1. When does DNA replication occur?

DNA replication occurs when cells divide to grow, repair or replace other cells in in organism.

 

2. Name and describe the 3 steps involved in DNA replication. Why does the process occur differently on the “leading” and “lagging” strands?

The three stages of replication in DNA are unwinding, complimentary base pairing and joining.

Unwinding:

 

The helix unwinds the the two strands begin to unzip and the DNA helicase breaks the hydrogen bonds and the two backbones begin to separate.

Complimentary base pairing:

 

Complimentary base pairing is facilitated by DNA Polymerase. The nucleotides move into place and form H bonds with their partner strands to create new bonds. DNA Polymerase can only copy in the 5’-3’ direction.

Joining:

 

Nucleotides form covalent bonds in the new strand of DNA. The leading strand continues as DNA unzips.The lagging strand forms in the other direction in fragments and is connected together by DNA ligase.

The watermelon represents the DNA helicase as it unzips the DNA. The blue Bigfoot represents the DNA polymerase and the red Bigfoot represents the DNA ligase as it is joining fragmented strands on the lagging side.

 

The result is 2 identical daughter DNA, identical to parent DNA.

 

3. The model today wasn’t a great fit for the process we were exploring. What did you do to model the complimentary base pairing and joining of adjacent nucleotides steps of DNA replication. In what ways was this activity well suited to showing this process? In what ways was it inaccurate?

The activity was well suited in showing the formation of the leading strand. However, it was an inaccurate representation of the lagging strand as there were to fragments built in. Paper had to be used to represent the separation of fragments.

Desmos Art Function Card 2018

I used my knowledge from the units we learned to complete this project. I had been fairly competent with how to use desmos because I had been using it throughout the year to help me understand some of the graphing questions that have come up during homework. The most useful tool for me during this project was being able to transform, and translate functions so that they were placed correctly. Some functions are much easier to use and manipulate such as constant functions and circle functions. It became difficult to manipulate different types of functions to fit into my picture. It helped to restrict harder functions so that I could make them look like something in the picture. Another difficulty I faced was having to restrict every function. To help, I would make guide constant functions that I could use to find exactly where I needed restrictions. I removed these guides for the final picture. I also referred to my notes that I took in class to help me manipulate the functions. For example, changing amplitude of a sine function. A aha moment was when I was able to shade in the functions to add colour to the picture. I had to get help from some of my classmates for this but I eventually figured it out. By completing this project, it helped my further understand transformations and relations by constant usage of them. Since there was a bit of repetition, it became easier to decide what functions to use as they became more and more memorized in my head.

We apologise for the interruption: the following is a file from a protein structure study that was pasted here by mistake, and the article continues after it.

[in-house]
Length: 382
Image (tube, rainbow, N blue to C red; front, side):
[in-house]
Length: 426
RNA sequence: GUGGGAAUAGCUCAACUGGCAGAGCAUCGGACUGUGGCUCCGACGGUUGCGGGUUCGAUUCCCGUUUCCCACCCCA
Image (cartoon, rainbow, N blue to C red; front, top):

https://www.desmos.com/calculator/fvjjrztlqp

Avery Elrick

Poem Analysis

Analysis: